On July 22-23, the 3rd Annual Wisconsin Science and Technology Symposium (WSTS 2010) was held at the UW-Green Bay. This annual gathering brings together scientists, industrial partners and politicians from across the state to share research from the comprehensive campuses and technology industries of the region. Again this year, two major laboratories from the Biology Department participated in this premier statewide meeting. Both the UWRF Tissue and Cellular Innovation Center and the UWRF Zebra Fish Laboratory presented a combined total of 8 posters and two oral presentations. This total, which amounted to approximately 31% of the posters at the meeting exceeded any other campus represented and was very well received with a great deal of interest being shown by other participants toward the biological research done here at UWRF. Drs. Lyden and Huang, the respective directors of the labs, were again joined this year by undergraduate researchers who presented their work in the all day poster sessions. Meanwhile Dr Lyden presented a podium talk entitled “In-vitro 3D Artificial Tumor Microenvironments as Potential Models of Clinical Disease“ which focused on the TCIC human tumor 3D modeling project being conducted in collaboration with Marshfield Clinic and the Rivers Cancer Center. Dr. Huang also presented a podium talk entitled “Zebrafish Make a Splash in Drug Discovery“ which highlighted work done in his lab in collaboration with researchers at the UW-LaCrosse Mycology Discovery Lab. UWRF student presenters were: Tim Morris, Kevin Rixmann and Reid Kuen from the TCIC as well as David Mankowski and Johnathan Emahiser from the Zebra Fish Lab.
UWRF Posters presented were entitled:
C6, a Potential Drug for Heart Failure by Suppressing Inflammation.
Johnathan Emahiser and Cheng-Chen Huang, UW-River Falls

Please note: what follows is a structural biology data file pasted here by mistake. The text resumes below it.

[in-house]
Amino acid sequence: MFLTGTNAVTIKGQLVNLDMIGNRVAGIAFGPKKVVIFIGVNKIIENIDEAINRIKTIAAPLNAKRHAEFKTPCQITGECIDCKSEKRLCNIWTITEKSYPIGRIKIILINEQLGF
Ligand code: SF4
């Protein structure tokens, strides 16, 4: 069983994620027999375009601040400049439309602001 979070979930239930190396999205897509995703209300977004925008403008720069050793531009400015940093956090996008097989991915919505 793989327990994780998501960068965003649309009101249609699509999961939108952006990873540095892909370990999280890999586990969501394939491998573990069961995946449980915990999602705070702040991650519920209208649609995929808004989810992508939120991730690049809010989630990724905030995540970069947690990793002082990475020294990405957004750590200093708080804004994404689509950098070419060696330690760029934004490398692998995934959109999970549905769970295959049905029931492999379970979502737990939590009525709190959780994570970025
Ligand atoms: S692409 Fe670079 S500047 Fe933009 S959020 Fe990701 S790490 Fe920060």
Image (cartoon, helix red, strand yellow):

Screening Synthetic Chemicals and Purified Compounds from Natural Sources for Attenuative Action against AA-induced Heart Failure in Zebrafish.
David A Mankowski and Cheng-Chen Huang, UW-River Falls
Modeling complex cervical carcinoma cell-derived structures in 3D “artificial tissue”cultures.
Brittany Lee and Timothy Lyden, UW-River Falls
The isolation and 3D culture of putative fetal and adult cardiac stem cell populations from avian, bovine and porcine heart samples.
Timothy Lyden, Mike Martin, Victor Piazza, John Magnuson and Travis Cordie, UW-River Falls and Spring Point Project LLC
Modeling and characterization of primary and cell-line derived artificial breast cancer tissues produced using 3D culture methods.
Kevin Rixmann and Timothy Lyden, UW-River Falls; Ray Haselby, Marshfield Clinic; Peter Dahlberg, Rivers Cancer Center
Longterm 3-D cultures of HEK-293 cells demonstrate clear evidence of unique
kidney tissue-like differentiation.
Miyuki Bessho, Timothy Lyden, UW-River Falls
Seeking to generate “induced pluripotent stem” (IPS) cells from the cervical cancer cell line, HeLa.
Timothy A Morris Jr., Samuel Lifton, Reid Kuen, Timothy Lyden, UW-River Falls
Modeling human cancer with complex 3D cultures using rudimentary tissue
Timothy Lyden, UW-River Falls; Ray Haselby, Marshfield Clinic; Peter Dahlberg, Rivers Cancer Center; Michael Pickart, UW-Stout
- ▼ November (4)